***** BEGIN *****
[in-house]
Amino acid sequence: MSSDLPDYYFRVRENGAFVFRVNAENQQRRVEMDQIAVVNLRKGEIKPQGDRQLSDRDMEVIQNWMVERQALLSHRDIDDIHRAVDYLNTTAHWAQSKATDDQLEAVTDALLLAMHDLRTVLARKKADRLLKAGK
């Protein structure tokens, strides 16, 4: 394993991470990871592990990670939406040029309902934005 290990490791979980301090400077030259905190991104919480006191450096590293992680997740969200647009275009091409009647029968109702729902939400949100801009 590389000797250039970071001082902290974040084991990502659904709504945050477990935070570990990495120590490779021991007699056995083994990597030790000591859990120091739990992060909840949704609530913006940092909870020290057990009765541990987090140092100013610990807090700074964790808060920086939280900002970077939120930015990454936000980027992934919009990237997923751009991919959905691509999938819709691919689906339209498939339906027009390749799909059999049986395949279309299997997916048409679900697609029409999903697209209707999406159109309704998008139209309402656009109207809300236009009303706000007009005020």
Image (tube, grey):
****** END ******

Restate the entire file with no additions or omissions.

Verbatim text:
[in-house]
Amino acid sequence: MSSDLPDYYFRVRENGAFVFRVNAENQQRRVEMDQIAVVNLRKGEIKPQGDRQLSDRDMEVIQNWMVERQALLSHRDIDDIHRAVDYLNTTAHWAQSKATDDQLEAVTDALLLAMHDLRTVLARKKADRLLKAGK
């Protein structure tokens, strides 16, 4: 394993991470990871592990990670939406040029309902934005 290990490791979980301090400077030259905190991104919480006191450096590293992680997740969200647009275009091409009647029968109702729902939400949100801009 590389000797250039970071001082902290974040084991990502659904709504945050477990935070570990990495120590490779021991007699056995083994990597030790000591859990120091739990992060909840949704609530913006940092909870020290057990009765541990987090140092100013610990807090700074964790808060920086939280900002970077939120930015990454936000980027992934919009990237997923751009991919959905691509999938819709691919689906339209498939339906027009390749799909059999049986395949279309299997997916048409679900697609029409999903697209209707999406159109309704998008139209309402656009109207809300236009009303706000007009005020």
Image (tube, grey):